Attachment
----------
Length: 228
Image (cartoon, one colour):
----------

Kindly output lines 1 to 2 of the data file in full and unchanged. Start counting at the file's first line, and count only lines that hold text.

Length: 228
Image (cartoon, one colour):